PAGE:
About Wanderings

Each week I will post my current syndicated newspaper column that focuses upon social issues, the media, pop culture and whatever might be interesting that week. During the week, I'll also post comments (a few words to a few paragraphs) about issues in the news. These are informal postings. Check out http://www.facebook.com/walterbrasch And, please go to http://www.greeleyandstone.com/ to learn about my latest book.

Thursday, June 23, 2011

Questions Remain in Government's Anti-Cigarette Campaign

by Walter Brasch

            The federal government has launched what may become one of the most effective propaganda campaigns in American history.
            Beginning September 2012, every cigarette manufacturer must display one of nine government-approved graphics on the top half, both front and back, of every cigarette pack. Among the warnings is a picture of a pair of healthy lungs next to a pair of cancerous lungs, with the notice: "Cigarettes cause fatal lung disease." Another warning is equally definitive: "Cigarettes cause cancer," with a picture of rotting gums and teeth. A person with an oxygen mask is the graphic for the text, "Cigarettes cause strokes and heart disease." Other pictures show smoke coming from a tracheotomy hole and a dead body with autopsy stitches on his chest. Other warnings, with appropriate graphics are: "Smoking during pregnancy can harm your baby," "Tobacco smoke can harm your children," and "Tobacco smoke causes fatal lung disease in non-smokers." One graphic shows a man in a T-shirt with the message, "I quit." Cigarette manufacturers must include all nine warnings in rotation on their packs.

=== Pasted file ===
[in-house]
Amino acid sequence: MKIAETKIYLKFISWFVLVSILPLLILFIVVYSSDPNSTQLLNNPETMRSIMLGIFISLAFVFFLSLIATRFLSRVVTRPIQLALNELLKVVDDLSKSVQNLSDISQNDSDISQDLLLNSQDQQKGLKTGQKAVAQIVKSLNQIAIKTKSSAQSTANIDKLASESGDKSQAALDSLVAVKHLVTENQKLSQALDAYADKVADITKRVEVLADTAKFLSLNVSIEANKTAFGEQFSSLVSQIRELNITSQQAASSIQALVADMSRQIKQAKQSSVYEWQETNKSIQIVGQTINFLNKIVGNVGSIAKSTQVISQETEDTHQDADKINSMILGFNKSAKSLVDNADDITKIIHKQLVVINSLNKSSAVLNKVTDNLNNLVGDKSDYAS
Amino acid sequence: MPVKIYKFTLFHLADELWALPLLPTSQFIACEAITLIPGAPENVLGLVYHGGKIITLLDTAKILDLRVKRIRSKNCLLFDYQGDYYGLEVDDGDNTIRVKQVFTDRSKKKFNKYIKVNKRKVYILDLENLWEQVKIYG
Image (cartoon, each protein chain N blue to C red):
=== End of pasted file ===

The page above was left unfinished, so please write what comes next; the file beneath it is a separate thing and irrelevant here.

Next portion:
In addition, the Food and Drug Administration (FDA) also requires that one-fifth of every print ad must include the warnings.
            The FDA directive is based upon Congressional action in 2009. The Family Smoking Prevention and Tobacco Control Act, which received strong bipartisan support, also prohibited cigarette manufacturers from sponsoring sports and cultural events. It further restricted tobacco companies from advertising their products on T-shirts and other clothing items.
            The first cigarette ad was in the New York National Daily in May 1789. By the Civil War, cigarette ads were appearing regularly in newspapers. The tobacco industry's own propaganda machine significantly increased full-page full-color ads in magazines during the 1930s and 1940s; a decade later, the industry was one of the first to recognize the influence of the emerging television medium. The ads not only extolled the advantages of smoking, they linked dozens of celebrities to their campaigns. Bob Hope pushed Chesterfields; Ronald Reagan wanted Americans to give Chesterfields as a Christmas gift. One popular ad even had Santa Claus enjoying a Lucky Strike. Marlboros became hugely successful with its Marlboro Man commercials that featured rugged cowboy individualism. To get the largely untapped female demographic into its sales net, cigarette companies went with what is now seen as sexist advertising. Lucky Strike wanted women to smoke its cigarettes "to keep a slender figure." Misty cigarettes emphasized its smoke, like its women, was "slim and sassy."  
Camel cigarettes, which would eventually develop Joe Camel as its cartoon spokesman to counter the Marlboro Man, tied health, opinion leaders, and tobacco smoke. Its survey of more than 100,000 physicians of every specialty said Camels was their preferred brand.